Alberto Mendoza: Bridge Builder

Alberto Mendoza is a master class in turning challenges into opportunities.

As a Mexican-American teenager growing up in San Diego, California, Alberto was flummoxed by the lack of representation at Montgomery High School.

“The high school was about 65% Mexican kids,” he explains. “But the Filipino kids ran all the activities: they ran the newspaper, the yearbook, all the activities. And I wondered why.”

Alberto launched La Voz Azteca, a Spanish-language newspaper that publishes today.

Twenty five years later, when Alberto experienced a shortage of LGBTQ role models in the culture around him, he launched Honor41, reclaiming what had been a slur in Mexican communities, in order to make the mentionable manageable.

“For that kid who’s coming out, who has nowhere to turn or doesn’t know what it’s going to be like to be LGBTQ, maybe they don’t know who to ask,” he says. “They can stumble upon these interviews of these individuals from all walks of life, all Latino, and talk about that experience. Then they’re hopefully gonna have a greater chance to a normal life.”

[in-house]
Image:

In 2019, as COVID’s  impact over-indexed in Latinx communities, Alberto – then the Executive Director of the National Association of Hispanic Journalists, and catalyzed by the Media Transformation Challenge at the Poynter Institute for Journalism – founded Palabra,  an innovative media platform designed to represent and advocate for NAHJ journalists and their communities.

“I see myself as a bridge,” he says. “Helping people get to where they need to go. Sometimes it’s opening the door to get up, and sometimes it’s opening the door to cross the way.”

This week, the recently-appointed Managing Director for the John S. Knight Journalism Fellowships at Stanford welcomes his second class of fellows, all of whom will surely benefit from his experience, and bias towards action.

“If we wait,” he says, “it’s just not gonna happen. Make it happen.”

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